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12-Feb-09 | Orbital collision “worst ever”

An active Iridium satellite collided with a defunct Russian military communications satellite over Siberia on Tuesday, 10 February, destroying both spacecraft.

The impact—at around 425 nautical miles altitude and a closing speed of roughly 7 miles per second—generated a massive debris cloud that is still being assessed; it has the potential to rival the one created by China’s infamous impactor test in 2007. This will pose an increased risk to many satellites in orbit at similar altitudes, including the rest of the Iridium constellation; NASA’s “A-Train” of Earth observers; and the latest-generation weather satellite NOAA-19, launched just last week aboard Delta 338.

The Iridium satellite is one of 46 launched in 1997; some 30 satellites were launched aboard Delta flights 242, 244, 246, 248, 250, and 251. Another 14 flew on Russian Proton vehicles, and 2 more on a Chinese vehicle. The satellite involved, Iridium 33, launched with 6 siblings aboard a Proton on 14-Sep-97.


06-Feb-09 | Delta flight 338 – NOAA-N′

The third try was the charm this morning as a two-stage Delta II Med-Lite model 7320-10C lofted NOAA-N′ into orbit for NASA and NOAA, the National Oceanic and Atmospheric Administration.

Following two previous attempts that were scrubbed due to issues with ground support equipment, and a weather report that threatened rain and gusty winds, Friday’s countdown was smooth and trouble-free. The wind gradually subsided to within limits and despite numerous COLA blocks the Delta II was able to lift off at the opening of its ten-minute launch window, at 02:22:01 PST.

As a steady breeze blew ragged wisps of fog across SLC-2W, the rocket’s main engine and three booster motors lit up the night before swiftly disappearing into a cloud layer. The low ceiling forced the television feed to switch to a computer-generated flight simulation for the remainder of the flight. Fortunately the telemetry feed was solid throughout—except of course during scheduled data blackouts between tracking stations—and telemetry manager Steve Agid provided a steady patter of precision play-by-play from across the country at Cape Canaveral.

Just under 66 minutes after launch, the Aerojet-built second stage released the spacecraft into an orbit “right on the money,” according to NASA launch manager Omar Baez, before performing an avoidance manoeuvre and propellant depletion burn.

Once it was in its circular, sun-synchronous orbit, NOAA-N′ (“N-Prime”) was renamed NOAA-19. It is billed as “the last in the TIROS (Television and Infra-Red Observing Satellite) series” of Earth-observing weather and environment satellites, and “will provide global images of clouds and surface features and vertical profiles of atmospheric temperature and humidity for use in numerical weather and ocean forecast models, as well as data on ozone distribution in the upper part of the atmosphere, and near-Earth space environments—information important for the marine, aviation, power generation, agriculture, and other communities.”

The TIROS series extends back nearly 50 years and is, with a few recent exceptions, closely tied to the Delta launch vehicle. TIROS-1 was launched in 1960 aboard a Thor-Able, the direct predecessor to the original Delta. Subsequent missions upgraded the original technology of TIROS with a succession of nested acronyms including TIROS Operational System (TOS) and Improved TOS (ITOS). Some 28 flights including the one today were performed by various models of Delta vehicles. (Only two of these, both in the early 1970s, failed to orbit.) NOAA-19 will replace NOAA-18, which launched aboard Delta 312 in May 2005.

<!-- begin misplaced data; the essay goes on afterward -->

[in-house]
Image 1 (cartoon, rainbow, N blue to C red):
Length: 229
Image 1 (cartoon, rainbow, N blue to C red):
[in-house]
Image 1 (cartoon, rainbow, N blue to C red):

This marks the 85th success in a row for Delta II, a testament of extreme reliability for a launch system which will celebrate the 20th anniversary of its first launch one week from tomorrow.


05-Feb-09 | Another equipment failure scrubs launch

The second attempt at launching NOAA-N′ was scrubbed this morning due to a problem with the launch pad system that feeds conditioned air into the payload fairing. Managers do not believe any damage was caused to the spacecraft, but a cursory contamination check will be needed to determine whether any hydrocarbons were introduced into its clean environment. A decision on the next launch opportunity is expected around mid-day Thursday; another launch window opens on Friday at 10:22 UTC.

Update for 21:35 UTC: Air samples from the payload fairing and the ground support system are reported clean, so officials have cleared the way for a Friday morning launch attempt. The weather remains at a 60% chance of violating launch criteria.


04-Feb-09 | NOAA-N′ scrubbed

The first Delta II launch of 2009 will have to wait at least one more day. Today’s launch of NOAA-N′ (“N Prime”) for NASA and the National Oceanic and Atmospheric Administration was scrubbed during the built-in hold at T-minus 15 minutes due to faulty ground support equipment. A routine check of the gaseous nitrogen system at Vandenberg’s SLC-2W found it to be undercharged, a potentially hazardous condition since the system is used to purge the vehicle’s first-stage tanks during detanking operations.

Launch controllers are hopeful for a 24-hour turnaround and the opportunity for a launch early Thursday. Unfortunately, today’s good weather is not expected to last, and the forecast for tomorrow expects an 80% chance of violating launch criteria, with low clouds, rain, and gusty winds. Somewhat better odds are predicted for subsequent launch windows through the weekend.

Update for 22:30 UTC: Engineers have replaced a faulty relay on the gaseous nitrogen purge system, and the weather report has improved somewhat with the potential for thick clouds having a 60% chance of violating launch criteria. A second launch attempt will be made tonight.


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